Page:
23 July 2024, 21:11
By Furniture News Apr 13, 2021

Retail sales monitor reframes comparatives for March

The latest BRC-KPMG Retail Sales Monitor, covering the five weeks from 28th February to 3rd April 2021, paints a mixed picture of sales that favours online shopping and home-centric categories.

Given the turbulence experienced by the sector last March, the following figures are compared with 2019 (pre-pandemic) – so now year-on-two-years (Yo2Y), rather than year-on-year (YoY).

On a total basis, sales increased by 8.3% in March compared to the same period in 2019, against a decline of 0.5% in March 2019. 

UK retail sales increased 8.4% on a LFL basis from March 2019, when they had decreased 1.1% from the preceding year. 

Online non-food sales increased by 94.0% Yo2Y, against a growth of 3.0% in March 2019. The non-food online penetration rate increased from 43.3% in March 2020 to 58.0% this March. The monitor's furniture category saw the highest Yo2Y growth online in March, yet the weakest store sales, conceivably due to the closures impacting non-essential retail.

BRC chief executive Helen Dickinson OBE says: “As we pass the one-year anniversary of the first lockdown, the retail industry has generally remained strong, despite numerous challenges. 2020 was a year like no other, with panic buying followed by a sharp decline in consumer spend, and then the first national lockdown which resulted in erratic retail sales. This makes a direct comparison challenging, so for a truer indication of where the industry stands, we changed our YoY comparisons for a two-year, pre-pandemic comparison period (Yo2Y).

"March 2021 saw an +8.3% increase in spending compared to March 2019, which was largely driven by grocery spending. However, the majority of categories remain in decline, and fashion and footwear remain the hardest hit. Meanwhile, with many stores still closed, online purchases reached the highest on record, particularly for TVs, gaming consoles and laptops.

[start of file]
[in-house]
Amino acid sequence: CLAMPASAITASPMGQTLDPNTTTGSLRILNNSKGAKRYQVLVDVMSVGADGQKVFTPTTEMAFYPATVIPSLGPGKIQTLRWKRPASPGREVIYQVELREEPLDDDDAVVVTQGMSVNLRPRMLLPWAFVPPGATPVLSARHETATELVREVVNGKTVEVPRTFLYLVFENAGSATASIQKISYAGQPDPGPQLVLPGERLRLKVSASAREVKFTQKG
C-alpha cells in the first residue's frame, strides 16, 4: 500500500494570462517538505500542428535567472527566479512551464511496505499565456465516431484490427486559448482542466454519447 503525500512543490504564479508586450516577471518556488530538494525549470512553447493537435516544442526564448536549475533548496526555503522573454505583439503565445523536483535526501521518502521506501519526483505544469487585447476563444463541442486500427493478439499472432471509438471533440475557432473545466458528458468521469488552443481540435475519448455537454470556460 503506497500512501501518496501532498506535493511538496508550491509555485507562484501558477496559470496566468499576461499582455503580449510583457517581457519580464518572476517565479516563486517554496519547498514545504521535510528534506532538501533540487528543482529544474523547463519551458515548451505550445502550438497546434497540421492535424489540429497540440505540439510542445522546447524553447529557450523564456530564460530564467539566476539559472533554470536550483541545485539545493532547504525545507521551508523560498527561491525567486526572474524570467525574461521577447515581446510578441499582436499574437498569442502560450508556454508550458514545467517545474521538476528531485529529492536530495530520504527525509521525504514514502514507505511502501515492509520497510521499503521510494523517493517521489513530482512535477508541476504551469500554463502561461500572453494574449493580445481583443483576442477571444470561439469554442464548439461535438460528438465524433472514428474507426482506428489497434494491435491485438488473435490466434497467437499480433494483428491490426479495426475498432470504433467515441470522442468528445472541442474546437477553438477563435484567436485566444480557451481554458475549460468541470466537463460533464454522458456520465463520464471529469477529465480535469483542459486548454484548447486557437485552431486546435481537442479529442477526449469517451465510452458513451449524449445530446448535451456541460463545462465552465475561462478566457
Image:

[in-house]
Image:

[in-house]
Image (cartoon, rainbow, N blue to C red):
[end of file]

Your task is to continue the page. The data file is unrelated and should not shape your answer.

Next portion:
“Despite some product ranges trading well, the next six months will be make or break for many retailers. Over the past three lockdowns, non-food retail stores have lost £30b, so many retailers will be relying on growing consumer confidence and a return to town and city centres to fuel their recovery. Retail businesses have spent hundreds of millions making their stores Covid-secure, so customers can feel safe and confident whilst shopping. We remind people to be considerate and respectful of other shoppers and hard-working retail staff so we can all safely enjoy our nation’s return to its stores.”

Paul Martin, UK head of retail, KPMG, adds: “One year on from our first national lockdown, the retail sector has changed dramatically, but remains remarkably resilient. March last year was a real anomaly and unlike anything we have seen before, with queues of consumers panic-buying items and images of empty shelves across our media. 

"Whilst a direct comparison of March 2021 with the previous year is therefore difficult, comparing retail sales of March 2021 to March 2019 reveals total sales have grown by +8.3%, despite the challenges of the last 12 months. In that context, last month saw historic growth rates in online sales, with some categories like men’s and children’s clothing and furniture reaching triple digits. This is testament to how retailers, many of which have spent much of the last year with their doors closed, have embraced trading through lockdown via digital platforms.

“As we enter the next stage of the Government’s roadmap to recovery this month, high streets across the country will be hoping that pent-up demand from consumers will be released and cash registers will start to ring again. Government support packages will provide some relief to struggling retailers until after the summer, but conditions will continue to be incredibly challenging as they face thinner margins and rising costs. All hopes of a strong recovery now rest on consumers feeling more confident to move away from their homes and hitting the high street to browse the stores that have been out of bounds for months.”

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